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hello, everyone. I am newcommer with embedded applications using open source Operating System. Now I still don't know which OS should I chose. pls recommend me OS with the following ...
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  1. #1
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    Question choose Open Source OS for embedded application


    hello, everyone.
    I am newcommer with embedded applications using open source Operating System.
    Now I still don't know which OS should I chose.
    pls recommend me OS with the following criteria:
    - open source and documented very good
    - support many architectures such as ARM, PowerPC, MIPS,...
    - easy to custom
    - toolchain is avaiable
    - many used people
    - ...
    thank you very much

  2. #2
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    hi.

    is this a joke? c'mon, srsly.

  3. #3
    Linux Guru Rubberman's Avatar
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    Linux does well for embedded applications, but it is NOT suitable for hard real-time applications. Even the "real time" extensions are not RMA-capable (Rate Monotonic Analysis - a technique to determine if hard deadlines are always achievable). IE, use it for many industrial applications, but NOT for controlling safety-critical systems! I have 30+ years in working with and doing R&D in hard real-time systems so it is a subject I am somewhat familiar with.

    My signature says it all... FWIW, I have used Linux with embedded ARM controllers to manage near-real-time conveyor systems for warehousing applications. For hard real-time applications, I tend to go with QNX. WindRiver (now owned by Intel) has a Linux-compatible RTOS as well that is hard real-time, but the kernel is a far cry from the standard Linux one. The QNX micro-kernel, message-passing architecture is simple, elegant, and incredibly efficient. No priority inversions, which can be a major problem with Linux schedulers and interrupt handlers.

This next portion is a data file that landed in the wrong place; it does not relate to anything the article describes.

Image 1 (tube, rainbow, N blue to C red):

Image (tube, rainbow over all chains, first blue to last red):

Sometimes, real fast is almost as good as real time.
    Just remember, Semper Gumbi - always be flexible!

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  5. #4
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    Quote Originally Posted by Rubberman View Post
    Linux does well for embedded applications, but it is NOT suitable for hard real-time applications. Even the "real time" extensions are not RMA-capable (Rate Monotonic Analysis - a technique to determine if hard deadlines are always achievable). IE, use it for many industrial applications, but NOT for controlling safety-critical systems! I have 30+ years in working with and doing R&D in hard real-time systems so it is a subject I am somewhat familiar with.

    My signature says it all... FWIW, I have used Linux with embedded ARM controllers to manage near-real-time conveyor systems for warehousing applications. For hard real-time applications, I tend to go with QNX. WindRiver (now owned by Intel) has a Linux-compatible RTOS as well that is hard real-time, but the kernel is a far cry from the standard Linux one. The QNX micro-kernel, message-passing architecture is simple, elegant, and incredibly efficient. No priority inversions, which can be a major problem with Linux schedulers and interrupt handlers.
    thank you very much!

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